Indecent assault is an indictable offence but may be tried summarily if:
Article 34(1) of the Constitution requires that, save in such special and limited cases as may be prescribed by law, justice shall be administered in public. The Courts are empowered by s.20 (3)(4) of the Criminal Justice Act 1951 to exclude the general public in any criminal proceedings for an offence which is, in the opinion of the Court, “of an indecent or obscene nature.” It is unusual, however, for this power to be exercised so as to exclude the public in cases of rape and related offences.
The maximum sentence for rape is imprisonment for life.110 The maximum penalty for a person convicted on indictment of indecent assault is imprisonment for ten years.111 Where the case is tried summarily, the maximum penalty is a fine not exceeding Ł500 or, at the discretion of the Court, imprisonment for a term not exceeding 12 months, or both such fine and such imprisonment.112
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At present there is an irrebuttable presumption that a boy under 14 is incapable of being quilty of rape in the first degree.
Professor Glanville Williams has observed that:
“this fiction is doubly silly. First, puberty may be attained before 14, and secondly, puberty is not necessary for rape. Rape requires only penetration, not fertilisation, so that it is only an ability to have an erection, not an ability to emit semen, that is physically necessary for the crime.”1
In South Australia, the Mitchell Committee recommended abolition of the exemption on the basis that “a presumption which protects only those boys under 14 who are capable of sexual intercourse serves no useful purpose.”2 Legislation3 in 1976 in that State abolished the presumption.4 The same step had been taken fifteen years earlier in New Zeland.5
The members of the Joint Oireachtas Committee were agree6 that the irrebutable presumption of incapacity should be abolished and that a provision in our law similar to that in South Australia's legislation would be appropriate.
In England, the Criminal Law Revision Committee in their Working Paper on Sexual Offences advanced a further argument in favour of repeal. They said:
“Boys under  are capable of sexual intercourse, however, and do in fact commit acts which would be rape if they were over 14, and the fact that they do is, we think, a matter of public concern. Cases of this kind occur in what have come to be known as “gang bangs', that is a series of sexual assaults by a group of youths on a girl. Such cases are very serious indeed as the girl often suffers severe emotional injury as well as physical harm. The older boys will be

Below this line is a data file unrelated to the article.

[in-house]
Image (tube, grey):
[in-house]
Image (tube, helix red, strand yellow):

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convicted of rape and punished severely, while a boy under 14, who may have had a leading part in the rape, can only be treated as having aided and abetted. Many think it is a scandal that this should be the law. At present we can see no justification for the continued existence of this limitation of the law of rape. If our recommendation was accepted the prosecution would, of course, have to prove, as in all cases involving defendants under 14, that the boy knew that he was doing wrong.”7
In their 15th Report the Committee reiterated8 this view. They noted9 that all who had commented on this issue had agreed with the recommendation. We take the same view. We can see no merit in the existing rule, which is anomalous and at variance with the facts in some cases. Accordingly, we provisionally recommend the abolition of the presumption of incapacity of boys under the age of 14 in prosecutions for offences involving sexual intercourse.
The wider question of the general criminal responsibility of children is a matter to be separately addressed on another occasion.
How should our law describe serious offences with a sexual component? It should be stressed at the outset that our discussion will proceed on the basis that the conduct to which we refer will constitute an offence, regardless of how it is described, and that the penalty for this conduct will be adequate. In other words, what we have to consider is exclusively a question of language, which has no implications in relation to whether or not any particular act should be an offence and, if so, what the penalty should be.
Three approaches merit consideration. They are as follows:
This option would extend the definition of rape to include other forms of sexual violation. The argument here is that rape as now defined concentrates on elements which are not distinctive and which should not be the basis of specific characterisation.
In Victoria, for example, legislation10 in 1980 defined “rape” as including:
“the introduction (to any extent) in circumstances where the introduction of the penis of a person into a vagina of another person would be rape, of –
Much of the public discussion has proceeded against the background of the present law, which can be criticised in two respects: first, it attaches the title “indecent assault” to certain modes of conduct which are so grotesque and outrageous that this very term minimises their gravity; secondly, it differentiates between rape and these modes of conduct by prescribing a lower maximum penalty – ten years imprisonment12 as opposed to life imprisonment. A strong argument may be made that the present law is wrong in both of these respects.13 Indeed, as will be seen, we will be proposing that the law should abandon both positions and should provide that the maximum penalty for aggravated sexual assault should be the same as for rape. Thus, our discussion is limited to the question of nomenclature.